In the case of extensive corneal opacities, with insufficient visibility of the fundus, the employment of a temporary intraoperative keratoprosthesis should be considered in order to enable a vitreoretinal operation to be performed for internal reconstruction.

The placement of a temporary keratoprosthesis (e.g. Eckhardt keratoprosthesis (DORC) or Landers keratoprosthesis (Ocular instruments) allows a clear view for vitreoretinal surgery, which is then followed by a corneal transplant. Several retrospective studies have documented acceptable outcomes with combined surgery in adults, but only a few cases with children have been well documented.1719 The best outcome was of a 7-year-old boy whose operation included usage of a keratoprosthesis followed by lentectomy, scleral buckling, vitrectomy, C3F8-fluid/gas-exchange, and penetrating keratoplasty. At 10 months postoperatively, the best corrected visual acuity was 20/30.17 In summary, 10 of 17 corneal grafts in children remained clear in the follow-up period, but in 16 eyes, visual acuity did not exceed finger counting. Phthisis occurred in about 40%.1719

In general, the prognosis of keratoplasty in children is poorer than in adults. There is a greater risk of an immune reaction with development of neovascularization. Perforating keratoplasties in children following trauma have a poorer general prognosis, especially in cases of aphakia and after injuries involving the posterior segment of the eye as opposed to phakic eyes and after isolated injuries to the anterior segment. In a meta analysis,20 55–100% of transplants were not opaque 1 year after keratoplasty in children.

Some special surgical aspects must be considered if using a keratoprosthesis on the pediatric eye. The decreased scleral rigidity relative to that of the adult eye means that children’s eyes can collapse more easily with greater risk of intraocular tissue extrusion. It is therefore imperative that a Flieringa scleral fixation ring be sewn on. The keratoplasties heal relatively quickly, but a higher rate of vascularization has been observed so it is advisable to use only interrupted sutures which can be removed or replaced individually upon loosening.

The corneal sutures in children can be removed much sooner than in adults. Removal should be performed within the time intervals specified in Table 115.4, in order to enable immediate provision of contact lenses, especially in aphakic eyes.21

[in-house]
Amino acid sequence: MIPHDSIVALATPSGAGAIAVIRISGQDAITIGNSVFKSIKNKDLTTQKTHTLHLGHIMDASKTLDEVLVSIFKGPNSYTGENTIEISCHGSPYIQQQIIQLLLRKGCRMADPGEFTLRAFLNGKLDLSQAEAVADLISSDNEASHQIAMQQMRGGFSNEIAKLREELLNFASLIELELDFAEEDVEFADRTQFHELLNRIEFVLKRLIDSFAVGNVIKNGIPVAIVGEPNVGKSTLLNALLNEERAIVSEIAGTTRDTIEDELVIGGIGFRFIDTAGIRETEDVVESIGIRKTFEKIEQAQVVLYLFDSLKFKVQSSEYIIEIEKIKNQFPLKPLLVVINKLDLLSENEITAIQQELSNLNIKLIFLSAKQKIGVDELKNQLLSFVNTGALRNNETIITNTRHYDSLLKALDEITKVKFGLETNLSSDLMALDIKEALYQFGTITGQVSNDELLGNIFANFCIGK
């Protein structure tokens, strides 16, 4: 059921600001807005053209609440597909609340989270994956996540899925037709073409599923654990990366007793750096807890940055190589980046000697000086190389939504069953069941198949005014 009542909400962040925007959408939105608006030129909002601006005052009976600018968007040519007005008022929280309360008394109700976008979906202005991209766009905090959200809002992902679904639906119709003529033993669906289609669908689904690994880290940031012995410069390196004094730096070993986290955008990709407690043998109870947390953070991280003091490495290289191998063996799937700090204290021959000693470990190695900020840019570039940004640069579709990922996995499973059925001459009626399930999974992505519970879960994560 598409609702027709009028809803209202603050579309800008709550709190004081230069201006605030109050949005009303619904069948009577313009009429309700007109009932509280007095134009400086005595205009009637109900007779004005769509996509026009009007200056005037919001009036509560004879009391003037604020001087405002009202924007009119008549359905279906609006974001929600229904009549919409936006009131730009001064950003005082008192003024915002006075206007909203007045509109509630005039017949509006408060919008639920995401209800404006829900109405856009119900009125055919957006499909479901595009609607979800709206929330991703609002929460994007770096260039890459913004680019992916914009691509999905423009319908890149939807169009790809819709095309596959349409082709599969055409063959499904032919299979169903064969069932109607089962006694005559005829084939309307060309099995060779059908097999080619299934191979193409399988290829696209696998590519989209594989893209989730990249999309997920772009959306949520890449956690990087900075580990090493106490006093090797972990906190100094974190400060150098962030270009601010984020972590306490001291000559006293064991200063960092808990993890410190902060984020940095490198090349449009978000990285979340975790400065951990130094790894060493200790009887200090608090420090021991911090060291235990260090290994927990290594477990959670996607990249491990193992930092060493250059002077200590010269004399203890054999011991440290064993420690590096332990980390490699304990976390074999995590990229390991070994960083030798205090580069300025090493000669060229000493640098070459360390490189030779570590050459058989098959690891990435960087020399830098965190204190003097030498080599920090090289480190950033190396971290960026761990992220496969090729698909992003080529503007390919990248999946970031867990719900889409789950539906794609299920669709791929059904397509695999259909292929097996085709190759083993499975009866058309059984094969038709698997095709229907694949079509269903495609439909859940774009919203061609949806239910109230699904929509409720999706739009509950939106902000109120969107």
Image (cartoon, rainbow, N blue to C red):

Table 115.4 Recommendation for removal of corneal suture by age

Age Removal of corneal suture
1–6 months 4–6 weeks
6–12 months 6–8 weeks
12–24 months 8–12 weeks
24–48 months 12–16 weeks
5–15 years 4–6 months

(Reproduced with permission from Reidy JJ. Penetrating keratoplasty in infancy and early childhood. Curr Opin Ophthalmol 2001;12:258–61.)

Lens management

During the initial period of pediatric vitreoretinal surgery, lensectomy was routinely performed. Later, favorable anatomic and functional outcomes were reported with lens-sparing vitrectomy in selected cases of infantile retinal detachment. The instruments are introduced into the eye via a pars plicata or pars plana approach, parallel to the visual axis to avoid lens injury. Many eyes show no evidence of postoperative cataract formation. Lens preservation may optimize optical rehabilitation and stimulation of the developing visual system.

In some cases, especially in eyes with a high risk of developing proliferative vitreoretinopathy, such as after severe open globe injury and in uveitis, an intraocular lens (IOL) should not be implanted. Opacity of the remaining capsule fragments with optically disadvantageous postcataract membranes is inevitable. In addition, remnants of the lens capsule and the zonular fibers lead to development of synechiae with distortion of the pupil which is associated with a reduction in the visibility of the peripheral retina. Surgical treatment of retinal detachment is impeded. For this reason, complete removal of the entire lens, including the complete capsule should be aimed for in eyes with a high risk of developing PVR. In addition, a current study shows a significantly increased endophthalmitis risk if an intraocular lens implanted placed in eye immediately after open globe injury.22